Newspaper headlines: General election murmurs and TV licence pleas
Allies of Boris Johnson tell the Times that planning is under way to hold a general election as early as next summer - because they believe Labour is in "no fit state" to fight a contest.
A member of Mr Johnson's team says there is a desire to "get this done" while Labour is divided under Jeremy Corbyn's leadership.
They are reportedly planning a recruitment and funding drive for the Conservative Party's campaign machine, in anticipation of a vote.
Several papers highlight yesterday's fall in the value of sterling, after comments by the two Conservative leadership contenders were perceived as increasing the risk of a no-deal Brexit.
City AM says Jeremy Hunt and Mr Johnson's pledges to abandon the Irish backstop dragged the pound to a two-year low against the dollar.
The Financial Times quotes an EU diplomat who says Mr Johnson is living in a "fantasy world" if he thinks Brussels will accept the policy.
City AM says markets were spooked further after it was reported Mr Johnson was considering shutting down Parliament in October, to prevent MPs from blocking a no deal. Friends of Mr Johnson tell the FT that is untrue, insisting: "We want a deal."
The Guardian examines Mr Johnson's record as mayor of London.
Former colleagues tell the paper he ignored expert advice about a string of high-profile projects that left taxpayers with a billion-pound bill - such as a fleet of new buses widely criticised for being too hot.
"He could be incredibly profligate for the country," says one, concluding: "He's great on rhetoric but lousy on delivery".
The Daily Mail publishes a list of demands for the next prime minister, with the aim of stopping what it calls the "scandalous injustice" of families having to sell their homes to pay for dementia care.
The Mail says it is an issue affecting millions and in a further insult, many then effectively subsidise council-funding places in residential homes.
The paper wants a cross-party group set up to tackle the problem, with all funding options under consideration.
The Daily Telegraph's main story is the launch of a government review into what the paper says is the "arbitrary practice" of councils making people pay to dump waste at rubbish tips.
The Telegraph says 47 local authorities now insist on charging for the disposal of items including boilers, pond liners and bags of rubble - for fees of up to £20.
Councils tell the paper they are under no obligation to accept non-household waste, but campaigners worry the charges could increase fly-tipping.
Dame Helen Mirren calls for a re-think of the decision to scrap the blanket provision of free TV licences for over-75s, on the front of the Daily Express.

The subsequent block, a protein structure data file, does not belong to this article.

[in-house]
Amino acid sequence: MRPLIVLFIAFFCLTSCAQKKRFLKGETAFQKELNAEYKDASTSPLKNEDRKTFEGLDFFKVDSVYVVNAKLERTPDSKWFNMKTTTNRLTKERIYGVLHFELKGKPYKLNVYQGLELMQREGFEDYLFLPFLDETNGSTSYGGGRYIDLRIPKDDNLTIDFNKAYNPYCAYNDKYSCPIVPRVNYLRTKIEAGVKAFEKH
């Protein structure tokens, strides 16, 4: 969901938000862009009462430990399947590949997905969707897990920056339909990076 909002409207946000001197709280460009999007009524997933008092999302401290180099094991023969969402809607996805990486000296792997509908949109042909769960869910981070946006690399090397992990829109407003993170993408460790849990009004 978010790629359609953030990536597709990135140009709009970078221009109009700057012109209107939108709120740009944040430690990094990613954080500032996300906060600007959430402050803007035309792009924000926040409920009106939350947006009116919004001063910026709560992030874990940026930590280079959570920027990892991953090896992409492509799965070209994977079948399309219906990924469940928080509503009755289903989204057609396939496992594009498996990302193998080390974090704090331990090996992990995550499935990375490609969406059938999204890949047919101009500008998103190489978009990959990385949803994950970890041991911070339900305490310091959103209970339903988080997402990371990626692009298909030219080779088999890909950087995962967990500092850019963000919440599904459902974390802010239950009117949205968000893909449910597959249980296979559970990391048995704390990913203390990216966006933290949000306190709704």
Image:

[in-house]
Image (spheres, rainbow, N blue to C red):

She's one of a number of stars who have signed a letter to that effect, according to the paper, including Angela Rippon and Sir Lenny Henry.
And the Daily Mirror highlights a similar plea from a 101-year-old woman, who says it is the only comfort she has left.
In a letter to the next prime minister, Elsie Hancock says charging for the licence will cause loneliness, and asks: what are you going to take off us next?
The BuzzFeed News website reports that hundreds of children who have been trafficked to Britain are at risk of deportation, despite the government's claim to be a world leader in tackling modern slavery.
A Freedom of Information request by BuzzFeed has found the Home Office rejected hundreds of "leave to remain" claims by child slaves, in the year to April 2018.
A Vietnamese girl describes to BuzzFeed how she was raped by her traffickers, arrested at a nail salon in Manchester, and then told she would have to return home even though she had been recognised as a victim of modern slavery.
In response the Home Office tells BuzzFeed it is committed to helping victims get the support they need, although it acknowledges there is more that can be done.
The Times reports on the steps theatre staff are taking to protect themselves from increasingly aggressive behaviour by audiences at West End shows.
Industry sources cite the example of Dirty Dancing, where a performer apparently had to stop making an entrance through the stalls because of groping by hen parties.
To combat the rowdy crowds, ushers have been wearing body cameras, according to the paper.
Those who took part in a trial said customers were "less confrontational", the Times says, because they could see themselves on a miniature screen next to the recording device.